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Strategies to combat volatility in the lithium-ion battery market

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By eeNews Europe

Since the first Li-ion batteries were commercialised by Sony in 1991 their use initially steadily increased and then levelled, but recently Tesla has led a surge in demand with 18650 size cylindrical cells in its existing electric vehicles and now the larger 21700 size in the new model 3, all manufactured in partnership with Panasonic. Tesla’s target for 2018 is to reach a production of 35GWh, but may ultimately be dwarfed by the VW automobile group with its plans to install 150GWh-worth of batteries each year from 2025 in 80 new electric models.

Portable devices and other applications such as mobility, grid storage and stationary equipment are not being left behind though, with their share of the Li-ion pack market actually predicted to be about twice that of all EVs in 2025 at about $24B. Other reports are more bullish and put the total Li-ion market even bigger at $93.1B by 2025.

Lithium battery usage. Source – Avnet Abacus, estimated.

Currently raw material supply is not meeting projected demand and extra capacity is planned for lithium extraction with major expansion in China, Canada, Australia, South America and elsewhere. Other exotic materials are required as well; cobalt is used as a cathode material with China controlling 80% of that market. From data compiled by Deutsche Bank Markets Research, global lithium demand is set to increase three times between 2015 and 2025, cobalt eleven times and overall battery consumption five times.


The major manufacturers of Li-ion cells are juggling the competing forces of demand and raw material supply as well as standardising on cell size and construction to get economies of scale. Many existing designs of the ‘prismatic’ style in welded aluminium or steel housings are being discontinued in favour of ‘pouch’ cells, often in lithium-polymer technology that allows a laminated construction, which is lighter and gives mechanical flexibility and slightly higher specific energy. Pouch cells do suffer from swelling with charge/discharge cycling though, with smaller sizes growing as much as 10% in volume over 500 cycles. The standard 18x65mm 18650 cylindrical cells and larger variants will certainly still be supported for some time to come, as the format suits applications like Tesla’s 100kWhr module where 8256 cells are stacked in staggered rows with pipes for liquid cooling. The cylindrical wound format is good for mechanical stress resilience and the small remaining gaps between cells allow for some air-cooling. The volume of cylindrical cells produced over the years has also brought their cost down considerably.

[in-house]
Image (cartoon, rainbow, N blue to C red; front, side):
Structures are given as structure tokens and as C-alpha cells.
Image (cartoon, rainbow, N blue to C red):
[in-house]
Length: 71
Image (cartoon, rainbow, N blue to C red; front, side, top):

Selection of Li-ion batteries from Avnet Abacus.

So, as a design engineer, you’ve decided on a Li-ion battery for your new device and need a few prototypes. The prospective production volume is, you hope, high but getting one of the ‘big four’ manufacturers to consider supporting a new custom design is a mountain to climb. A solution is to pick from the extensive range of standard parts from Avnet Abacus, which includes the 18650 size cylindrical cells from major suppliers Dubilier, Panasonic, RRC, Samsung and Varta, available in single 3.7V cells from 2250mAh to 3300mAh, to packs of up to 70 cells at 25.2V/29000mAh. A range of ‘prismatic’ types are supported in single and 3-cell formats along with a more extensive range of ‘pouch’ lithium polymer cells in varying mechanical sizes and ratings from 130mAh to 3000mAhr. Many of the prismatic ‘hard pack’ variants are supported by relevant chargers. The standard range also features the Coin Power Li-ion button cells from Varta.


A suitable Li-ion battery type for most applications is available from the Avnet Abacus range with a variety of construction styles, dimensions and capacities. ‘Soft’ packs suit embedded applications and ‘hard’ packs are ideal for ease of removal, recharging and replacement with some types even including SMBUS SMART functionality. The parts are available on very short lead-times with low MOQs giving fast time to market. As you would expect from the world-class suppliers represented, all battery packs meet the minimum approvals for shipping of lithium-ion and polymer products. All lithium batteries meet the UN regulation (UN38.3) for worldwide transportation by air, road and sea freight. Many of the parts also meet IEC62133/CB scheme and UL2054 safety standards for regional and US markets. Continuity of supply is offered in many of the products with a guaranteed product availability of 10-15 years.

About the author:

Tim Parker is Batteries Product Manager at Avnet Abacus – www.avnet-abacus.eu/battery-solutions


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